June 20, 2014

Stakeholders support Youth Agripreneur initiative to end unemployment


Minister of  Agriculture and Rural Development, Akinwumi Adesina, has called for entrepreneurial skills development for profitable agriculture and agribusiness enterprises among African youth.

Just as the Director of Agriculture and Agro-Industry Department (OSAN), with the African Development Bank, Chiji Ojukwu,  underscored the need for application of research, science and technology to enhance agricultural productivity as a way of  making agriculture attractive to youth.

They both spoke during a three-day workshop on Engagement of Youth Entrepreneurship for Agricultural Transformation in Africa held at the International Institute of Tropical Agriculture (IITA) in Ibadan recently.

The workshop aimed at raising awareness on the importance of engaging youth in agribusiness and following a value- and supply-chain approach, making a case for engaging African youth in agribusiness as a solution to the high youth unemployment on the continent, and building consensus around a multinational program for African youth engagement in agribusiness to address youth unemployment, contribute to economic growth, and poverty reduction.

Dr. Adesina said agriculture has become the new buzz in Nigeria, with vibrant, young graduates moving into the business of agriculture.

“President Jonathan, in 2013, launched the Youth Employment in Agriculture Programme (YEAP) to create a new generation of young commercial farmers and agriculture entrepreneurs (“Nagropreneurs”)”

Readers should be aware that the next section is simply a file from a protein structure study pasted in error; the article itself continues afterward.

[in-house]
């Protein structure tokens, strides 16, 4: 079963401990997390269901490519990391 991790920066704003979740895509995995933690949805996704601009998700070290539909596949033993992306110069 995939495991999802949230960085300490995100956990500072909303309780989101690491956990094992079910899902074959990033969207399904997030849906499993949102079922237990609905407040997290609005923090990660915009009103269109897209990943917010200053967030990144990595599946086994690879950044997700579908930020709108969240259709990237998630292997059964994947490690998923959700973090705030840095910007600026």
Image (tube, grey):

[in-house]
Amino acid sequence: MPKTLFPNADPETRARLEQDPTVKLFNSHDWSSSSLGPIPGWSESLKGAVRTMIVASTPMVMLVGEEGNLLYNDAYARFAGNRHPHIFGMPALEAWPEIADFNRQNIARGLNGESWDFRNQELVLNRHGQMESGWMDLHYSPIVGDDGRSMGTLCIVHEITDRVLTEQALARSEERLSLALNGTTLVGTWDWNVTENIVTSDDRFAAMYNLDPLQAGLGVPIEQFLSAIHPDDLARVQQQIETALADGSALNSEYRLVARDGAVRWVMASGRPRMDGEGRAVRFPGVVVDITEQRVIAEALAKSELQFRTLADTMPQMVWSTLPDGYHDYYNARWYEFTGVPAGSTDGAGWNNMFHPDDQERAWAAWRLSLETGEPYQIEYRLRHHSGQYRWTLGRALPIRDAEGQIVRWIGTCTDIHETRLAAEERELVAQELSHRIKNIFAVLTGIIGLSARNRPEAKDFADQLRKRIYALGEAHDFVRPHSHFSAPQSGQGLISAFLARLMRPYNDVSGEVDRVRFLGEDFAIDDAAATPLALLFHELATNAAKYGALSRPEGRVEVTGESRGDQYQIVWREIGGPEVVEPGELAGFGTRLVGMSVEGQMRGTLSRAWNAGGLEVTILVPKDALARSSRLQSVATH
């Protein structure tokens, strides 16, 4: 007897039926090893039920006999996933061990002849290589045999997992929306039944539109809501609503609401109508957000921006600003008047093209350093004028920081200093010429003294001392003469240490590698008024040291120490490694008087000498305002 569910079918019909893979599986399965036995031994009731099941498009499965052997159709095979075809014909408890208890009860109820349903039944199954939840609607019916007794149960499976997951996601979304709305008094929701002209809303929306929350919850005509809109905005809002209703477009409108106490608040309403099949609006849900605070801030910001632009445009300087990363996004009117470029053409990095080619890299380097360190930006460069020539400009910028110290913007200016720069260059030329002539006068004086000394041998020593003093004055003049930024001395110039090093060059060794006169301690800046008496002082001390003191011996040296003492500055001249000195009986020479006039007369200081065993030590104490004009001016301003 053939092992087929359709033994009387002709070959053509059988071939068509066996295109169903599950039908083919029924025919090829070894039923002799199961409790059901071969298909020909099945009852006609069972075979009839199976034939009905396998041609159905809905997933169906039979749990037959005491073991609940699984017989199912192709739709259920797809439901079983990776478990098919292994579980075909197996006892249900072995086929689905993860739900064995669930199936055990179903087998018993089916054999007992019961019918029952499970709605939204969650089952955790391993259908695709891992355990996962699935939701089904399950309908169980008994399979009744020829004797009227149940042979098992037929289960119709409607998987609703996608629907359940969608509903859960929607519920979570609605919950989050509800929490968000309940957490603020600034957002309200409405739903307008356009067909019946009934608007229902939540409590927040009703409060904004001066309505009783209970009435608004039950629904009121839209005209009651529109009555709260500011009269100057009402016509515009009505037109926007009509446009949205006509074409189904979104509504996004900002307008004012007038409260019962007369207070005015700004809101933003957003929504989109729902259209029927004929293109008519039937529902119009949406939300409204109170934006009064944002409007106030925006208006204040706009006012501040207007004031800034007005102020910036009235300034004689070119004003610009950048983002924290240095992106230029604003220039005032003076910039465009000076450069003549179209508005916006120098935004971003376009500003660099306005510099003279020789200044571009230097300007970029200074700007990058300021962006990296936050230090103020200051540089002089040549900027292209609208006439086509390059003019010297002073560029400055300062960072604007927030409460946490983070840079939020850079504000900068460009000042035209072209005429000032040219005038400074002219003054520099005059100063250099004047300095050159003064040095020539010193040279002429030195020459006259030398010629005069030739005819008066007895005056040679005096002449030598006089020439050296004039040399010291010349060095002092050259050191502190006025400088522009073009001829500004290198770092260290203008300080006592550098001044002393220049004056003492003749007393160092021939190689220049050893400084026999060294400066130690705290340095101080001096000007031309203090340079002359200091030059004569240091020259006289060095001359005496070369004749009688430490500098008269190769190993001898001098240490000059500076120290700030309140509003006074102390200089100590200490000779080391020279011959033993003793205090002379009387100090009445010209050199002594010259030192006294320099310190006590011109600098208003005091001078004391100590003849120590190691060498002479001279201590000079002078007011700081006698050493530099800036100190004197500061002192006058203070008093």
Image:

He added “This will develop a total of 760,000 ‘Nagropreneurs’ within five years. Today, young graduates and bankers are leaving the banks and heading for agriculture. The new millionaires and billionaires of Nigeria will be in agriculture. It is a new dawn.”

The Minister said the youths will be assisted the Staple Crop Processing Zones (SCPZ), which he said is the ministry’s new model of unlocking wealth from agriculture in rural areas.

“We are developing staple crop processing zones (SCPZ), which are new agricultural infrastructure-enabled zones to attract agribusiness investors into rural areas.

“The staple crop processing zones will solve the infrastructure challenges and constraints of the agro-processing industry, drive social and economic impacts, offer a superior operating environment for downstream players as well as create a new platform for private sector investment in agriculture.”

The Minister disclosed that Agriculture is the key for Africa’s future as the size of the agriculture and agribusiness sector in Africa is expected to grow to $1 trillion by 2030.

About 20 African countries have thrown their weight behind the IITA Youth Agripreneur (IYA) initiative—a pilot scheme that is engaging youths in agriculture with clear signals of ending youth unemployment in the continent. The initiative has also been endorsed by the IITA Board of Trustees, according to Dr Namanga Ngongi, IITA Board member.

IYA changes the mindset of young people towards agriculture and equips them with various opportunities in the production and marketing of agricultural products, cutting across value chains such as cassava, banana/plantain, soybean, maize, vegetables, livestock, and fish production.

The countries supported the IYA initiative in a communiqué at the end of a conceptualization workshop on Engagement of Youth Entrepreneurship for Agricultural Transformation in Africa held at IITA in Ibadan recently.

About 200 participants reviewed the current unemployment situation in the continent, and noted that youth unemployment and underemployment are high, with over 70% of the population between 15 and 24 years in many countries under-/unemployed, if not outright unemployed.

The countries noted that the present situation threatens not only food security but also the national security of all African countries, and may compromise the attainment of the targets set under the Comprehensive Africa Agricultural Development Program (CAADP) and the Millennium Development Goals (MDGs).